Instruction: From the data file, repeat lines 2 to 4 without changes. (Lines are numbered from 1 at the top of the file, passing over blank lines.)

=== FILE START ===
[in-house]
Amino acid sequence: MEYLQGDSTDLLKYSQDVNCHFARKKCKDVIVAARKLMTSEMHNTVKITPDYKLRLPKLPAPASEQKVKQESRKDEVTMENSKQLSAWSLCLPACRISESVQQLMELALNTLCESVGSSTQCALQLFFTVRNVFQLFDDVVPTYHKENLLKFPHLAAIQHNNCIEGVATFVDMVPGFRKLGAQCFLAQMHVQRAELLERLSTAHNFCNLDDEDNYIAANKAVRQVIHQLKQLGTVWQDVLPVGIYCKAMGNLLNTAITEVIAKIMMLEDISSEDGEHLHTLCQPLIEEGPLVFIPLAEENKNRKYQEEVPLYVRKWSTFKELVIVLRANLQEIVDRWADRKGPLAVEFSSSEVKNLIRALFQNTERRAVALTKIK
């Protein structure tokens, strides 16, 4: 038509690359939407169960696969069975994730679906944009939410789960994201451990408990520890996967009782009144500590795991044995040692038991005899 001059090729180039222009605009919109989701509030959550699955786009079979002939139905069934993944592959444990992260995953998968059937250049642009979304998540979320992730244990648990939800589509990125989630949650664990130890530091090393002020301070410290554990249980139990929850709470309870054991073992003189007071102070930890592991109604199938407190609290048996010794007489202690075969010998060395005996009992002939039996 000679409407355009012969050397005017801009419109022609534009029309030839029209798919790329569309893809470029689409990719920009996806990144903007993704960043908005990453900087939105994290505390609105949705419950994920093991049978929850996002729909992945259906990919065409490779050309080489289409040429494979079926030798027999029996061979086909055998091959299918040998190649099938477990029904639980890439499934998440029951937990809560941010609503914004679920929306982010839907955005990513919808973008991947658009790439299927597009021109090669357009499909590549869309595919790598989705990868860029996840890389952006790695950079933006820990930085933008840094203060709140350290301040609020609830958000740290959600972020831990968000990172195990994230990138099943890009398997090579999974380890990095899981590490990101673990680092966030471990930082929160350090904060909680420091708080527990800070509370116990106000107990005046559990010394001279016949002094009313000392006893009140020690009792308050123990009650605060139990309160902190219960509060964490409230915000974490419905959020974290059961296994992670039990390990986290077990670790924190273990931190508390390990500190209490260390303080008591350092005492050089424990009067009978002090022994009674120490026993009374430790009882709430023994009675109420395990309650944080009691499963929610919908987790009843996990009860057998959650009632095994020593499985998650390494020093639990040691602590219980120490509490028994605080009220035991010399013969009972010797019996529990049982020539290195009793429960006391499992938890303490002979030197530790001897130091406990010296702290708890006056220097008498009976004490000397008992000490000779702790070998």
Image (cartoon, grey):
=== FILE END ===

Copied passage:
Amino acid sequence: MEYLQGDSTDLLKYSQDVNCHFARKKCKDVIVAARKLMTSEMHNTVKITPDYKLRLPKLPAPASEQKVKQESRKDEVTMENSKQLSAWSLCLPACRISESVQQLMELALNTLCESVGSSTQCALQLFFTVRNVFQLFDDVVPTYHKENLLKFPHLAAIQHNNCIEGVATFVDMVPGFRKLGAQCFLAQMHVQRAELLERLSTAHNFCNLDDEDNYIAANKAVRQVIHQLKQLGTVWQDVLPVGIYCKAMGNLLNTAITEVIAKIMMLEDISSEDGEHLHTLCQPLIEEGPLVFIPLAEENKNRKYQEEVPLYVRKWSTFKELVIVLRANLQEIVDRWADRKGPLAVEFSSSEVKNLIRALFQNTERRAVALTKIK
């Protein structure tokens, strides 16, 4: 038509690359939407169960696969069975994730679906944009939410789960994201451990408990520890996967009782009144500590795991044995040692038991005899 001059090729180039222009605009919109989701509030959550699955786009079979002939139905069934993944592959444990992260995953998968059937250049642009979304998540979320992730244990648990939800589509990125989630949650664990130890530091090393002020301070410290554990249980139990929850709470309870054991073992003189007071102070930890592991109604199938407190609290048996010794007489202690075969010998060395005996009992002939039996 000679409407355009012969050397005017801009419109022609534009029309030839029209798919790329569309893809470029689409990719920009996806990144903007993704960043908005990453900087939105994290505390609105949705419950994920093991049978929850996002729909992945259906990919065409490779050309080489289409040429494979079926030798027999029996061979086909055998091959299918040998190649099938477990029904639980890439499934998440029951937990809560941010609503914004679920929306982010839907955005990513919808973008991947658009790439299927597009021109090669357009499909590549869309595919790598989705990868860029996840890389952006790695950079933006820990930085933008840094203060709140350290301040609020609830958000740290959600972020831990968000990172195990994230990138099943890009398997090579999974380890990095899981590490990101673990680092966030471990930082929160350090904060909680420091708080527990800070509370116990106000107990005046559990010394001279016949002094009313000392006893009140020690009792308050123990009650605060139990309160902190219960509060964490409230915000974490419905959020974290059961296994992670039990390990986290077990670790924190273990931190508390390990500190209490260390303080008591350092005492050089424990009067009978002090022994009674120490026993009374430790009882709430023994009675109420395990309650944080009691499963929610919908987790009843996990009860057998959650009632095994020593499985998650390494020093639990040691602590219980120490509490028994605080009220035991010399013969009972010797019996529990049982020539290195009793429960006391499992938890303490002979030197530790001897130091406990010296702290708890006056220097008498009976004490000397008992000490000779702790070998």
Image (cartoon, grey):